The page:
Wednesday, April 1, 2015


Catholicism: 101 for Adventists 

Confession to a Priest

God sent His Son into the world, not to condemn the world but that the world might be saved through Him. John 3:17

I remember studying the Investigative Judgment at Dallas First Church's SDA Elementary School. It brought me to my knees. Literally. I began a renewed seriousness in my prayer life. I had become a little too comfortable praying at night laying in my bed with my mind wandering.

Once I learned that at any moment my name might come before the Lord for eternal judgment, I decided perhaps my body posturing should show Christ that I truly meant that I was sorry for all my elementary-aged sins. So I began to kneel down and put some efforts into remembering all the things wrong I had done that day. I wanted a clean slate if my name came before the Lord for judgment while I was sleeping.

While Catholics do not believe that we are judged before death, one thing we have in common with our SDA Christian family is that we do feel that we need to take sin seriously.  Catholic teach that an examination of our conscience is not an obsession over our sins, but attempting to be realistic about ourselves and see ourselves as God sees us. Catholics do not believe we should be overly harsh, but we examine our consciences in order that we may become more and more sensitive about the great importance and meaning of our lives. It shows us that what we do is important, not only to God, but to those around us. Our lives have great importance and significance. What we do or fail to do has meaning. And that is very, very good.

We, like the SDA church, reject the idea that a Christian has absolute eternal security once they have been baptized into the Body of Christ. We believe the Bible is very clear that even Christians can willfully turn their backs on "so great a salvation." While God will never let anyone or anything snatch us from His hand, we are allowed to purposefully leave the sheepfold and hide from the One who comes seeking us. 

Catholics and Adventists believe sin destroys us. And even after we become Christians, deliberate sinning can destroy our relationship with Him. Jesus Christ came to earth to forgive us our trespasses and by that we become reconciled with the Father.  The Cross offers to us the gift of grace and as Catholics put it, "re-creates in us what sin has destroyed that we may enter into the gift of His inner life."(How to Make a Good Confession, "Sacrament of Penance, " Prince of Peace Catholic Church,, Taylor, SC.)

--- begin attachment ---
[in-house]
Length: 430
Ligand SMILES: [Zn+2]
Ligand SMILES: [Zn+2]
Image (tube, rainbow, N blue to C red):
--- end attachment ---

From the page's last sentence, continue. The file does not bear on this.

So, when Christians sin, in what we have done or what we have failed to do, we need to be reconciled to God. And rather than be fearful or prideful about confession and repentance for our sins, we should understand that this is a wonderful, joyful experience.  Catholics believe that within the sacrament of confession, we encounter God's mercy in a very special way. God not only forgives us freely through the merits of the sacrifice of His Son, but He gives us a special grace to overcome temptation.

The Sacrament of Reconciliation or Confession was instituted by Christ Himself in the upper room when He breathed upon the Apostles and said, "Receive ye the Holy Spirit. If you forgive the sins of any, they are forgiven; if you retain the sins of any, they are retained. (John 20:23)

Catholics teach that only God can forgive sins, yet He communicates that we are forgiven through His appointed Apostles and leaders. 

Catholics believe that no sin is private. All sins affect the Body of Christ. ( Eph. 1: 22-23; 4: 4-29,  Col. 1: 18, Rom. 12: 4-5, I Cor. 12: 12-29) 

While we can and should pray a prayer of contrition immediately after we have sinned, some sins are not only an offense against God and ourselves but our sins affect others.
 That is why Catholics teach that God set up a system here on earth so that sins we continually struggle with, sins that are of grave matter, can be confessed to a priest. And as the priest, he represents the entire Body of Christ and one can receive the fullness of repentance for grave sins. 

While many Catholics see Confession as a unwanted duty, and that may be conveyed to non-Catholics who observe them, they don't truly understand the miracle of what is happening. At each confession, we are being re-created into a new man, our sanctification is being accomplished by His Mercy! We are being restored and removing any sin in our life that is blocking His love from flowing into us. It is a time we can practice Christian courage, humility and submission to God.

If we look around, so much money is spent on counselors and so much of what we see coming out of entertainers, so much of what we see in people "acting out" is truly the human need to publicly confess. We need to say to another person—"I'm sorry" and hear the words of forgiveness and reconciliation.  We also need to do this when we sin against God.

Humans are happier when they have found the courage to admit their mistakes and confess them orally to another human being. God understood this and gave us the sacrament of Confession and Reconciliation for us and for our sanctification. I have found it personally to be one of the greatest gifts of God.  

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